Deploying Cloudera Search

When you deploy Cloudera Search, SolrCloud partitions your data set into multiple indexes and processes, and uses ZooKeeper to simplify management, which results in a cluster of coordinating Apache Solr servers.

Installing and Starting ZooKeeper Server

SolrCloud mode uses Apache ZooKeeper as a highly available, central location for cluster management. For a small cluster, running ZooKeeper collocated with the NameNode is recommended. For larger clusters, use multiple ZooKeeper servers. For more information, see Installing ZooKeeper in a Production Environment.

If you do not already have a ZooKeeper service added to your cluster, add it using the instructions in Adding a Service for Cloudera Manager installations. For package-based unmanaged clusters, see ZooKeeper Installation.

Initializing Solr

For Cloudera Manager installations, if you have not yet added the Solr service to your cluster, do so now using the instructions in Adding a Service. The Add a Service wizard automatically configures and initializes the Solr service.

Configuring ZooKeeper Quorum Addresses

After the ZooKeeper service is running, configure each Solr host with the ZooKeeper quorum addresses. This can be a single address if you have only one ZooKeeper server, or multiple addresses if you are using multiple servers.

Configure the ZooKeeper Quorum addresses in /etc/solr/conf/solr-env.sh on each Solr server host. For example:

$ cat /etc/solr/conf/solr-env.sh
export SOLR_ZK_ENSEMBLE=zk01.example.com:2181,zk02.example.com:2181,zk03.example.com:2181/solr

Configuring Solr for Use with HDFS

To use Solr with your established HDFS service, perform the following configurations:

  1. Configure the HDFS URI for Solr to use as a backing store in /etc/default/solr or /opt/cloudera/parcels/CDH-*/etc/default/solr. On every Solr Server host, edit the following property to configure the location of Solr index data in HDFS:
    SOLR_HDFS_HOME=hdfs://nn01.example.com:8020/solr

    Replace nn01.example.com with the hostname of your HDFS NameNode (as specified by fs.default.name or fs.defaultFS in your /etc/hadoop/conf/core-site.xml file). You might also need to change the port number from the default (8020) if your NameNode runs on a non-default port. On an HA-enabled cluster, ensure that the HDFS URI you use reflects the designated name service used by your cluster. This value must be reflected in fs.default.name (for example, hdfs://nameservice1 or something similar).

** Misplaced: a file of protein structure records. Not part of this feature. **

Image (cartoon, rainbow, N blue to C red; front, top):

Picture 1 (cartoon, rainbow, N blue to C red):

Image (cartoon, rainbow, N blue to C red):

2. In some cases, such as configuring Solr to work with HDFS High Availability (HA), you might want to configure the Solr HDFS client by setting the HDFS configuration directory in /etc/default/solr or /opt/cloudera/parcels/CDH-*/etc/default/solr. On every Solr Server host, locate the appropriate HDFS configuration directory and edit the following property with the absolute path to this directory :
    SOLR_HDFS_CONFIG=/etc/hadoop/conf

    Replace the path with the correct directory containing the proper HDFS configuration files, core-site.xml and hdfs-site.xml.

Configuring Solr to Use Secure HDFS

If security is enabled, perform the following steps:

  1. Create the Kerberos principals and Keytab files for every host in your cluster:
    1. Create the Solr principal using either kadmin or kadmin.local.
      kadmin:  addprinc -randkey solr/fully.qualified.domain.name@YOUR-REALM.COM
      kadmin:  xst -norandkey -k solr.keytab solr/fully.qualified.domain.name

      For more information, see Step 4: Create and Deploy the Kerberos Principals and Keytab Files

  2. Deploy the Kerberos Keytab files on every host in your cluster:
    1. Copy or move the keytab files to a directory that Solr can access, such as /etc/solr/conf.
      $ sudo mv solr.keytab /etc/solr/conf/
      $ sudo chown solr:hadoop /etc/solr/conf/solr.keytab
      $ sudo chmod 400 /etc/solr/conf/solr.keytab
  3. Add Kerberos-related settings to /etc/default/solr or /opt/cloudera/parcels/CDH-*/etc/default/solr on every host in your cluster, substituting appropriate values. For a package based installation, use something similar to the following: